University of Maryland geophysicists analyzed thousands of recordings of seismic waves, sound waves traveling through the Earth, to identify echoes from the boundary between Earth’s molten core and the solid mantle layer above it. The echoes revealed more widespread, heterogenous structures—areas of unusually dense, hot rock—at the core-mantle boundary than previously known.
Scientists are unsure of the composition of these structures, and previous studies have provided only a limited view of them. Better understanding their shape and extent can help reveal the geologic processes happening deep inside Earth. This knowledge may provide clues to the workings of plate tectonics and the evolution of our planet.
The new research provides the first comprehensive view of the core-mantle boundary over a wide area with such detailed resolution. The study was published in the June 12, 2020, issue of the journal Science.
The researchers focused on echoes of seismic waves traveling beneath the Pacific Ocean basin. Their analysis revealed a previously unknown structure beneath the volcanic Marquesas Islands in the South Pacific and showed that the structure beneath the Hawaiian Islands is much larger than previously known.
“By looking at thousands of core-mantle boundary echoes at once, instead of focusing on a few at a time, as is usually done, we have gotten a totally new perspective,” said Doyeon Kim, a postdoctoral fellow in the UMD Department of Geology and the lead author of the paper. “This is showing us that the core-mantle boundary region has lots of structures that can produce these echoes, and that was something we didn’t realize before because we only had a narrow view.”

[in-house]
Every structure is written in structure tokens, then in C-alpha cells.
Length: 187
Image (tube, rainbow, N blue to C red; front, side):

Earthquakes generate seismic waves below Earth’s surface that travel thousands of miles. When the waves encounter changes in rock density, temperature or composition, they change speed, bend or scatter, producing echoes that can be detected. Echoes from nearby structures arrive more quickly, while those from larger structures are louder. By measuring the travel time and amplitude of these echoes as they arrive at seismometers in different locations, scientists can develop models of the physical properties of rock hidden below the surface. This process is similar to the way bats echolocate to map their environment.
For this study, Kim and his colleagues looked for echoes generated by a specific type of wave, called a shear wave, as it travels along the core-mantle boundary. In a recording from a single earthquake, known as a seismogram, echoes from diffracted shear waves can be hard to distinguish from random noise. But looking at many seismograms from many earthquakes at once can reveal similarities and patterns that identify the echoes hidden in the data.